A man accused of possessing 55 grams of cannabis escaped punishment yesterday after he told magistrates he needed the drug for health reasons.
Brad Stephens, 45, who lives with his two children, claimed smoking cannabis was a "medical necessity" which eased the pain of his crippling spinal condition. The case is believed to be one of the first in which magistrates have accepted medical reasons as a defence to possession of a large quantity of cannabis.
Carmarthen magistrates were told that police found the class B drug in a raid on Mr Stephens' home. He owned up to being a regular cannabis user but denied the charge of possessing the drug. His solicitor, Mike Reed, told the court: "Mr Stephens suffers from ... a degenerative bone disease of the upper spine and neck." He said that although his client has been prescribed morphine to combat the pain his body had built up a resistance so that he required increasing doses. "Large doses of morphine can seriously damage health so by taking cannabis he reduces his dependency on morphine and the potentially fatal risk. In effect, the cannabis is saving his life," said Mr Stephens.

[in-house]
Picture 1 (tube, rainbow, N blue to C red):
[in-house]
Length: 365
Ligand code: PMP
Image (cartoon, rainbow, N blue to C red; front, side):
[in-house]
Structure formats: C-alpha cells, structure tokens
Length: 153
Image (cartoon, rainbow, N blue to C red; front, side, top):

The magistrates accepted it was a medical necessity for Mr Stephens to take the drug and found him not guilty of possession. But they ordered the cannabis to be destroyed. Mr Reed said afterwards: "We needed to prove that the cannabis was doing more than simply easing his symptoms. There is a legal defence of necessity but it is very difficult to succeed with." He said he believed it was the first case in which magistrates had acquitted someone solely on medical grounds.